“The Next Big Thing.” “2016’s Trending Skincare Treatment.” “Our New Favorite Skincare Procedure.” Even if you didn’t see these headlines, you have likely experienced an increase in patients asking about microneedling. Although the procedure has been around for decades, it has recently become a media darling.
There’s no single significant event that explains the surge in interest. But physicians have seen growing evidence that inducing channels of dermal injury whether by laser or needles stimulates collagen regeneration. Improved microneedling devices as well as better treatment protocols, including adjuncts such as platelet-rich plasma (PRP), and the availability of more professional training may also be playing a role.
Perhaps the best explanation for the increased popularity of medical microneedling is the growing number of patients seeking affordable skincare treatments that offer visible results—a micro-needling session typically costs about a quarter of what patients pay per laser treatment.
“One of the disadvantages of medical microneedling is that patients often confuse it with roller-type microneedling employed by estheticians,” says Tina S. Alster, MD, director of the Washington Institute of Dermatologic Laser Surgery and clinical professor of dermatology at Georgetown University Hospital in Washington, D.C., who uses medical microneedling in patients of every skin phototype for a variety of indications.
Medical microneedling devices do not employ rollers; instead they feature a motor that rapidly applies a needle configuration in a stamping fashion to the skin. Practitioners can vary the speed and depth of penetration.
According to the U.S. Food and Drug Administration (FDA), any procedure using a needle more than 0.2mm in length is a medical procedure, but in a few states nurses and other ancillary providers can still perform microneedling treatments using devices with needles up to 1.5mm in length.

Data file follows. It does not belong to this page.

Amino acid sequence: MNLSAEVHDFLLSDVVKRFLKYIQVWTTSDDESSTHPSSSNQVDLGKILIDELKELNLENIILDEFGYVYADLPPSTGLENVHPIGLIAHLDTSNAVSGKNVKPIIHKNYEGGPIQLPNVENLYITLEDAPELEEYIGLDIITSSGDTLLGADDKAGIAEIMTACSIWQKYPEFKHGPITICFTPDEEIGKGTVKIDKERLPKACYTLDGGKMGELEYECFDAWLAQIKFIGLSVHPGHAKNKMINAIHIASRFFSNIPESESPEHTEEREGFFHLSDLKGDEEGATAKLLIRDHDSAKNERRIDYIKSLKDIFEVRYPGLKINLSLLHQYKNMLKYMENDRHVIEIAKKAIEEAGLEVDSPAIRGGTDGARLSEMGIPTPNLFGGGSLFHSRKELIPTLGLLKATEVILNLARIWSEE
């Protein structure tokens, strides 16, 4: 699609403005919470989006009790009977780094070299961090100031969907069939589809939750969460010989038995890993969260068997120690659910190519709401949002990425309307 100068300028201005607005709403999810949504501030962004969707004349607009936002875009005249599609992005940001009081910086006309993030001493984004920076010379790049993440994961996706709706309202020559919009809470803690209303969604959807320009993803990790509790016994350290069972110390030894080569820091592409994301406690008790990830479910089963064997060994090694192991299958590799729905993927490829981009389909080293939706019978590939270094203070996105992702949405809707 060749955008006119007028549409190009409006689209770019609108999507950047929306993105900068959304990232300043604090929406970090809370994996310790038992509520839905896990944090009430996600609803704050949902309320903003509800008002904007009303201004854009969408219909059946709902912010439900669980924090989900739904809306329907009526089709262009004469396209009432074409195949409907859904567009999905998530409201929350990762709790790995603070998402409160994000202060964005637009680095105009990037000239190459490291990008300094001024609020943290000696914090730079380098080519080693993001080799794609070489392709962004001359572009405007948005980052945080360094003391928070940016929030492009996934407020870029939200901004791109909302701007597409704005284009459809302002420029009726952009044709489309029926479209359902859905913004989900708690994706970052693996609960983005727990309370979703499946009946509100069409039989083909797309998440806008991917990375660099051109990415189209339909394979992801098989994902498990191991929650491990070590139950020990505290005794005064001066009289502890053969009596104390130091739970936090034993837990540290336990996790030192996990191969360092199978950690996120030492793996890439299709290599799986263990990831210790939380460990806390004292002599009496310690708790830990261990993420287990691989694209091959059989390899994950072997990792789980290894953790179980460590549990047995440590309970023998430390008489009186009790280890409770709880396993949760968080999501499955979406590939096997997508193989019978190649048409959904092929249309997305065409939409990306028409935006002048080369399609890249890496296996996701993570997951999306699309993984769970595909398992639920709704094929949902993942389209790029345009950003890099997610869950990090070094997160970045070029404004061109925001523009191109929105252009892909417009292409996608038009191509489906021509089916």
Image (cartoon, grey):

It is considered safer than many other aesthetic procedures, as the majority of adverse events—including prolonged redness, dermatitis and infection—have been traced to two causes: the application of inappropriate topical products and improper patient selection. There are some basic contraindications for microneedling such as active skin infection, open wounds and wound healing/collagen disorders. Some physicians also screen patients for recent sun exposure (or planned sun exposure within a week of treatment) or recent ablative skin resurfacing procedures.
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“Our experience with microneedling is that it is a powerful tool for skin rejuvenation, particularly off the face, and especially in conjunction with PRP,” says Garry R. Lee, MD, director of Look Younger MD in Henderson, Nevada. “It smooths fine scars, helps with discolorations, is moderately effective for skin tightening and is potent for adding luminosity. It helps—but does not remove—most wrinkles, and appears to be useful for pore size reduction. Microneedling is much more affordable for the practitioner than most conventional laser, radiofrequency (RF) or plasma energy treatments, and can deliver comparable results to our observation. This is why you often hear it described as the ‘poor man’s laser,’ though I would consider it the ‘wise man’s laser.’”
“Microneedling is safe to use in patients with any skin phototype. It is a quick treatment with fast postoperative recovery and limited side effects,” says Dr. Alster, who uses either a Collagen P. I.N. (Induction Therapies) or an Eclipse MicroPen in her practice.
Treatment areas are cleansed and prepped with alcohol pads before application of topical anesthetic, either 30% lidocaine or BLT (benzocaine 20%/lidocaine 6%/tetracaine 4%). After 30 to 45 minutes, the anesthetic is removed and the skin is again prepped with alcohol pads.